By Nancy Gottesman
By the time my son was 9 months old, I had gotten lazy about mealtimes. It had become too exhausting to race home from work each night, feed him his jar or two, then prepare and eat my own dinner (all the while trying to keep him from crawling into peril!). So I cut out the double- dinner duty and started throwing cooked chicken, broccoli, rice, cantaloupe, soybeans, pasta, steak, spinach, salmon—anything I was eating, sans seasoning—into the blender and hitting purée. Voila! One dinner, and we sat down to eat at the same time.
Turns out, my slacker meals may have been the best thing I ever did for my son’s nutritional prospects.
“If kids are used to eating healthy foods at 6 to 12 months, then you are setting up healthier eating habits for later on,” maintains Denise Salerno, M.D., director of the Pediatric Weight Management Program at the Temple University School of Medicine in Philadelphia.
That’s because food preferences are established early, say experts. The foods your baby adapts to taste- and texture- wise are likely to be the same ones he’ll be fond of throughout his childhood. “Eating is a learning process,” says Ellen O’Leary, M.S., R.D., nutrition coordinator at Children’s Healthcare of Atlanta. “If a young child is given a lot of sweets, he’s being set up to prefer sweets instead of learning to enjoy all the wonderful flavors out there.”
French Fries and Candy and Juicy Juice, Oh My!
Unfortunately, this is exactly what seems to be happening in America, land of the increasingly overweight and obese. A recent survey called the Feeding Infants and Toddlers Study (FITS) collected data on the nutrient intake of more than 3,000 children age 4 to 24 months. The results are eyeopening— if not entirely dismaying. On any given day:
» Twenty-five to 30 percent of infants and toddlers age 9 to 24 months did not eat any fruit, and 20 to 25 percent did not eat vegetables.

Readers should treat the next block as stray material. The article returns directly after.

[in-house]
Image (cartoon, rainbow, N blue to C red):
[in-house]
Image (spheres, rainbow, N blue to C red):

» French fries were the most commonly consumed vegetable for 15- to 24-month-olds.
» Forty-six percent of 7- to 8-month-olds consumed some type of dessert, sweet or sweetened beverage (this percentage increased as age increased).
» Children age 19 to 24 months ate junk foods regularly: 44 percent drank sweetened beverages; 26 percent had French fries; 69 percent ate candy or dessert; 27 percent consumed hot dogs, bacon or sausage; and 27 percent had salty snacks.
The FITS also reported that the caloric intake of most infants and toddlers exceeded their requirements by 20 to 30 percent. Is it any wonder that 17.1 percent of American children and adolescents age 2 to 19 are now overweight, and that an additional 16.5 percent of 2- to 10-year-olds are in danger of becoming obese?
These statistics are significant because the odds of childhood obesity persisting into adulthood increase from 20 percent at age 4 to 80 percent by adolescence. Obesity is linked with extensive health problems for both children and adults: asthma, sleep apnea, type 2 diabetes, heart disease and menstrual irregularity, just to name a few. For children, the psychological stressors of obesity—stigmatization, depression, low self-esteem—may be just as damaging as the medical ones.
Read 5 Healthy Eating Tips for Baby’s First Year
ORIGINALLY PUBLISHED IN NEW PARENT MAGAZINE, FALL/WINTER ‘07
Experts say food preferences are established early. Make the most of your baby’s meals with these helpful tips.